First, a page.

We continually make improvements to the FSUCML facilities to support our mission and always with an eye toward reducing our ecological footprint, while enhancing safety. Learn about some of the most recent advancements
News at FSUCML
Dr. Sandra Brooke has an exciting opportunity to collaborate on a proposal in the southern-central Pacific Ocean, which would generate baseline data for assessing impacts of deep-sea hydrothermal vent mining.
Dr. Dean Grubbs, Dr. Chip Cotton, and crew recently returned from a 10-day Deep-C fish ecology cruise in the Gulf of Mexico, where they caught their third specimen (since 2012) of a skate believed to be a new species.
Marisano has caught and reared wasps in California, stood in salt marshes at the crack of dawn in Florida, and stayed awake all night for nights on end in Oklahoma, all to obtain the elusive insect, Strepsiptera.
Dr. Sandra brooke spoke to guests of the PEW Charitable Trust and Natural Resources Defense Council’s Deep-Sea Corals Reception about the distribution and abundance of corals and cold seeps in the canyons, and the role they play in supporting diverse communities of invertebrates and fishes.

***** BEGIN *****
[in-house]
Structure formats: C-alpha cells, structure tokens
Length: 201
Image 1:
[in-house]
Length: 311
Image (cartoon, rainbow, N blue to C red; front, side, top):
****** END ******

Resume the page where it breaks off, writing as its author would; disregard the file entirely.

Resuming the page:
The FSUCML is pleased to announce that Bob Ellis, a PhD candidate in the Department of Biological Science (Advisor, Dr. Felicia Coleman), is one of the 2015 recipients of the John A. Knauss Marine Policy Fellowship, which is sponsored by the National Oceanic and Atmospheric Administration’s National sea Grant College Program.
Madison Fish, a 15-year-old International Baccalaureate student at Rutherford High School in Panama City, Florida, has spent a significant amount of time dealing with slime. Hagfish slime that is.
Time to be a CITIZEN SCIENTIST and scan the beaches for horseshoe crabs mating on the beach! In a ritual dating back millions of years, horseshoe crabs converge on beaches just before, during or after a new or full moon. Your job is to find them!